2. Can you give us any good snippets of some funny moments out of the game? :D Or a general idea of what it was going to be about? Or are you constantly finding red beams of light flashing over your forehead every time you're about to type the words Freelance Police?

    On you-

    What did you think of the new Star Trek movie?

    On Tales of Monkey Island-

    1. Which game in the series would you compare it the most to?

    2. Is the bad guy going to be big mean and scary?

    3. Who is your favorite MI character?

    4. What was your main goal when writing for the game versus when writing for Escape? Okay, I brought it up once. Did you have a general idea of how it would go in your head when you started out?
  • edited June 2009
    What should someone new to the Monkey Island Series know?
  • edited June 2009
    Now that the first episode is nearly to its conclussion, (and considering its the first one, the one that starts the whole thing):
    Wich were the hardest parts, the things that took really a lot of work and time? Also wich were the lightiest (is that a word?) and funniest.

    Anticipated thanks and congrats for the great work!
  • edited June 2009
    Hello Mike!
    There is something that you would change on EMI today?
  • edited June 2009
    How often did you think, that the first episode is going to rock while on the other hand nothing was finished yet (except for some scripts)? How was the time with Ron Gilbert after all these years of MI-abstinence? Are you still in touch with him while you're putting the final touches to the first episode (Problematic story issues? Talk to Ron and not to tissues.)?
  • edited June 2009
    Hi, Mike! I just wanted to tell you that I loved that small musical masterpiece that is Baddest of the Bands. Its ending sequence was probably the best ending sequence I've ever played in a game by Telltale: hilarious, captivating and with a completely unexpected twist. Will we have the pleasure of finding one of your trademark musical numbers in ToMI? Why wasn't anything similar included in EfMI? What is the lyrical adventure game of your dreams? And your favourite musical film?
    Thank you!
  • edited June 2009
    What esrb rating do you think this game is going to get? M, right, cause blood and gore is the only way to get teenage males to buy video games.
  • ttg_Stemmlettg_Stemmle Telltale Alumni
    edited June 2009
    serweet wrote: »
    How much have you been influeced by the original Monkey Islands in not just the first episode, but on other games you have worked on?
    Is it truely a landmark franchise that you are glad to finally be working on again?

    I'd say that the spirit of the original Monkey Island's "irreverence masking a genuinely dire situation" has stuck with me in just about all my design endeavors. There's no situation so grim that it can't stand a well-placed joke from an appropriate character. And that includes my Star Wars work.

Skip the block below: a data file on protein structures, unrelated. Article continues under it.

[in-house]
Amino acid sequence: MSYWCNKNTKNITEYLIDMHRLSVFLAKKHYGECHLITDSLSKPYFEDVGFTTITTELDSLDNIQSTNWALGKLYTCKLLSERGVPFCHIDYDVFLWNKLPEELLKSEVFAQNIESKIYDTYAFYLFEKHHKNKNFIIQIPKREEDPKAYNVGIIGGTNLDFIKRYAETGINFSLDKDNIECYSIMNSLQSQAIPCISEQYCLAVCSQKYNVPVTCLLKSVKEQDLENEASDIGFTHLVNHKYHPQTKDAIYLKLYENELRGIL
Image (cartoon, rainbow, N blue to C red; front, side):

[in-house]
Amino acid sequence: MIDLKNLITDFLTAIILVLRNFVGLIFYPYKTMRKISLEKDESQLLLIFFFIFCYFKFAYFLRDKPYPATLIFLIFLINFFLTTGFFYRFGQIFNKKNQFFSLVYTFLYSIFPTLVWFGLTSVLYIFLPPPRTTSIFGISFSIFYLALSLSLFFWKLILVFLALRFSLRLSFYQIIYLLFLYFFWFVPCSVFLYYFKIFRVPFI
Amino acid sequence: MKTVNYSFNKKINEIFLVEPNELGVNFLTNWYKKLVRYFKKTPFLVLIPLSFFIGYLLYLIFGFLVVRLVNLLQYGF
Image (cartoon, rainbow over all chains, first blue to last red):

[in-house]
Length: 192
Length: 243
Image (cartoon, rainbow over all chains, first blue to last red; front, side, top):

And yes, I'm really, REALLY happy to be working on it again. It's the only porject I could imagine delaying a return to Sam & Max for.
  • ttg_Stemmlettg_Stemmle Telltale Alumni
    edited June 2009
    Tjibbbe wrote: »
    Hey Mike!

    I have a lot of questions, but I won't give you a ton of homework in the first post. My question is this: You, of course, made Monkey Island 4. What was it in that project that you wanted to achieve (how did you wanted to make it 'your' game while at the same time keeping it in the spirit of the previous games), and what's different in style/atmosphere this time around?

    By the time EFMI rolled around, the franchise was in a strange position, story-wise. Arguably, the main characters has achieved some sort of closure, with LeChuck meeting an appropriate end on Monkey Island, and Elaine and Guybrush well and truly married. As a consequence, we felt that we really couldn't just go through the "LeChuck's got a plan, Elaine and Guybrush are stuck in typically pirate-y situations" route, so we tried to shake things up (with varying degrees of success) with a new bad guy, a lot of metatextual commentary about the commercialization of the pirate lifestyle, and a giant monkey robot.

    This time around, of course, the air has been cleared by the lack of any MI games for the last decade. This frees us up to go "classic" with our storytelling. A pirate. His wife. An undead evil jerk. Lots of voodoo.
    Tjibbbe wrote: »
    Hey Mike!In a semi-related question, how do you do differently in this project then you did with your previous project, Strong Bad? Both are of course episodic, but they have a very different sense of humour.
    .

    The big shift in this project is the emphasis on tight serialization. Tales of Monkey Island is really one big epic story, split into 5 satisfying chapters. Strong Bad, not so much.

    Also, Strong Bad is much more absurd. Charmingly so. Most Monkey Island plots, when viewed from on high, are actually pretty spooky.
    Tjibbbe wrote: »
    All right, one more question. Seeing as how you're the lead designer on the first episode, what do you do after that one is finished (which, I guess, is right about now, except for all the bug-hunting etc.)? Do you stick around to help on the other episodes, or are you going right into the next project (Sam & Max)?

    What a timely question. As it happens, in about an hour I'll be holding the first design meeting for episode 4 of Monkey Island, in which a whole lotta horrible stuff happens to Guybrush. Mark and I will also be keeping a watchful eye over the whole season, to make sure everything continues to hold together.